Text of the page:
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So, you know what an HRIS and HRMS are, and you've got an understanding of HCM—but do you know the difference between these types of HR systems?

In this article, I'll explain the main points you should know about HCM software, HRMS, and HRIS systems:

Read on to learn how these systems can benefit HR professionals.

What is an HRIS?

A Human Resources Information System (HRIS) is a type of HR software used to manage core HR functions like storing employee data. These systems provide easy-to-access, streamlined information.

By storing all employee information in one place, it removes the stress of multiple spreadsheets, databases, and paperwork overload.

Depending on the sophistication, an implementing an HRIS system can help human resource teams with providing:

  • Payroll
  • Benefits administration
  • Training records
  • HR reports
  • Time-keeping
  • Remote schedule management.

Benefits of an HRIS

The main benefit of HRIS software is that it allows your HR department to access employee records in one location. This removes the need to juggle competing systems to track various aspects of information your HR specialists need to make business decisions.

Streamlining with an HRIS translates to more productivity, increased cohesiveness across your entire business, and a better employee experience.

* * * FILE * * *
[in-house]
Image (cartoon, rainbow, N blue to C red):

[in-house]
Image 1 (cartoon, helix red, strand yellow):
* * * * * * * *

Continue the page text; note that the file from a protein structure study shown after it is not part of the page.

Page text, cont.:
HRIS systems utilize these seven key tools to take HR management to the next level:

  1. Core HR
  2. Payroll
  3. Employee Benefits
  4. Training
  5. Performance Management
  6. Time Tracking and Leave
  7. Onboarding
Rippling Screenshot
The Rippling HRIS gives users multiple options, including a to-do list.
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What is an HRMS?

A human resource management system (HRMS) is a more robust type of HR management system that helps organizations manage their employee data, as well as key HR processes such as recruitment, payroll, benefits, training, and performance evaluations. They are similar to HRIS systems in that they cover the same core HR areas. However, there are some key differences.

HRMS systems offer a greater ability to automate HR tasks across the full employee lifecycle, while HRIS systems are more focused on alleviating the woes HR teams face regarding data entry and data management.